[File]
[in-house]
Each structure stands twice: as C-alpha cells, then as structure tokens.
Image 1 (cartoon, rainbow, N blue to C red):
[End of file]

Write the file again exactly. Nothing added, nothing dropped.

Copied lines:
[in-house]
Each structure stands twice: as C-alpha cells, then as structure tokens.
Image 1 (cartoon, rainbow, N blue to C red):